AIDS

Equitas Health

In many Midwest states it’s illegal for someone with HIV to have sex without telling partners about the illness. Some public health experts are pushing to change those laws.

HIV rates have been on the decline in the U.S. for years now, but stark disparities remain, with some groups of people at high risk of infection.

Here's the good part: The number of people diagnosed annually has dropped by about 20 percent in the last decade.

The drop was driven by plunges in certain groups of people, including heterosexuals, with a 35 percent decline since 2005; black women, with a 42 percent decline; and people who inject drugs, 63 percent.

Worlds Apart: Vast Disparities In Treatment Separate Americans With HIV

Jan 4, 2016

A major insurer said recently it would offer life insurance to HIV-positive people because of their rising life expectancies, prompting cheers from AIDS activists. But on the very same day,  the nation’s top disease control official described an America falling far short in its fight against AIDS.

HIV/AIDS Drug Coverage Limited in Popular Marketplace Silver Plans

Nov 13, 2015
felix.castor / Flickr (CC BY-NC-ND 2.0)

In most states, consumers with HIV or AIDS who buy silver-level plans on the insurance marketplaces find limited coverage of common drug regimens they may need and high out-of-pocket costs, according to a new analysis.

What it Takes to Keep HIV+ Moms in Treatment After Giving Birth

Nov 10, 2015
Erika Aaron, director of Women's Services for the Partnership Comprehensive Care Practice at Drexel University College of Medicine.
Taunya English / WHYY

Once a new mom with HIV delivers a healthy baby, sometimes she thinks she's 'done.'

The healthcare system has gotten very good at getting pregnant women who are HIV positive into treatment and preventing them from passing the infection on to their babies. Healthcare providers say what comes next is the problem: too many postpartum women are dropping out of care.

A Milestone In The Campaign To Reduce The Number Of Deaths From AIDS

Oct 1, 2015

The world's annual death toll from AIDS has been falling in recent years — 1.5 million in 2013, a 35 percent drop from the peak of 2.4 million in 2005.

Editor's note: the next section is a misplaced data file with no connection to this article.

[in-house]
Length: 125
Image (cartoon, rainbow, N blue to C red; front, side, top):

Now the number of deaths could soon drop even more.

The World Health Organization issued new guidelines Wednesday that recommend greatly increasing the number of people who take antiretroviral medications for the treatment and prevention of HIV infection.

Seth Herald/Side Effects

This episode of Sick, a new podcast from Side Effects Public Media, tells the story of Kevin Polly, a man who has to leave his town behind in order to save his own life. 

In February, the Indiana State Department of Health announced an HIV outbreak in rural Scott County. Thirty people had tested positive just since December, and most of the cases were linked to injection drug abuse of a potent prescription opioid called Opana. Since then, the number of cases has grown to more than 170.

Nonprofit AltaMed is conducting HIV prevention outreach at several Latino gay bars in the Los Angeles area. Latinos make up about 21 percent of new infections nationally, according to the U.S. Centers for Disease Control and Prevention.
Heidi de Marco / Kaiser Health News

LOS ANGELES – Late on a Friday night at The New Jalisco Bar downtown, a drag show featuring dancers dressed in sequined leotards and feathered headdresses had drawn a crowd — most of them gay Latino men.

Inside the bar and out, three health workers chatted with customers, casually asking questions: Do you know about the HIV prevention pill? Would you consider taking it? A few men said they had never heard of it. Others simply said it wasn’t for them.

Scientists have engineered a new molecule they say can block infection with HIV, the virus that causes AIDS.

Researchers from the Scripps Research Institute say they’ve found a new way to prevent HIV from infecting cells, even if it’s present in the body.

The study was published online today in the journal Nature. Here & Now’s Jeremy Hobson speaks with lead author Michael Farzan.

If you want to be a pessimist about the shape the world's in, just turn on the news. It seems as if we're living in an age of terrorism, war, refugees, hostages and natural disasters.

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